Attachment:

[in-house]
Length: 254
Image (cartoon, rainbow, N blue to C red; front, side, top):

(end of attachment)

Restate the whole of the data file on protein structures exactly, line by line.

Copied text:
[in-house]
Length: 254
Image (cartoon, rainbow, N blue to C red; front, side, top):